The Sentinel-5P Attitude Determination and Control System is the same as on the Airbus-built KazEoSat-1 which itself is identical to that of the Ingenio satellite with the addition of a third star tracker head. Attitude determination in nominal operations mode is provided by a Sodern Hydra Star Tracker with three optical heads and a redundant electronics assembly; a pair of three-axis magnetometers provide readings for the actuation of the magnetic torquers and two Coarse Sun Sensors are used for safe mode pointing to ensure proper power generation.
The Hydra Star Trackers can provide attitude tracking in two heads simultaneously, acquiring the satellite’s three-axis orientation within 2.5 seconds from a lost in space scenario at body rates up to 8 deg/s. A dual-frequency GPS terminal with redundant receivers can be used for orbit determination with an accuracy of 3 meters, providing information for time and geo-tagging of instrument data.
Attitude actuation is provided by four reaction wheels and three magnetic torquers are used for coarse control and for momentum dumps from the reaction wheels. The star tracker delivers pointing knowledge of up to 30 µrad while the attitude control system provides a pointing accuracy of 500 µrad. The attitude control system provides optional yaw pointing (off-nadir), though nominal data collection will be completed pointing directly to the nadir given the instrument’s wide field of view.
The satellite’s Thermal Control Subsystem relies on a combination of active and passive components in the form of heaters on the active side and coatings, blankets and radiators on the passive side. Radiators for heat rejection are located on the outside of the satellite side panels and the satellite platform and TROPOMI instrument are largely decoupled from a thermal standpoint, though the bus is equipped to take over for survival cases and can supply decontamination heating, periodically needed during the mission. Heater actuation is commanded by the onboard computer based on thermistor readings and actuated via the PCDU.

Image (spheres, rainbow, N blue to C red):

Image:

The core of the electrical & functional architecture is the satellite’s On Board Computer (OBC) and the Remote Interface Unit (RIU) that links the various platform sensors & actuators as well as the instrument to the OBC. The OBC is responsible for executing command sequences sent from the ground according to specified command times, it handles telemetry and telecommand functions (generating housekeeping telemetry, storing it and transmitting it to the ground via S-Band), it provides on-board time synchronization via a Pulse-Per-Second Signal from the GPS terminal, and it is in charge of system re-configuration.
The OBC directly manages the S-Band transponder which delivers housekeeping data to the ground, receives command sequences and provides a ranging link for orbit determination.
Sentinel-5P uses a pair of redundant MIL-1553 buses for internal communications. For units with Remote Terminals, the OBC sends commands directly on the bus; for other units, the Central Software delivers commands to the RIU (via 1553) and the RIU then relays them via the appropriate interface; standard High Power On/Off Commands are handled directly by the OBC.